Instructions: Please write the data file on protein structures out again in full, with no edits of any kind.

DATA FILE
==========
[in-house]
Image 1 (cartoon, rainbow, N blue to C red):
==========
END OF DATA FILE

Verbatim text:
[in-house]
Image 1 (cartoon, rainbow, N blue to C red):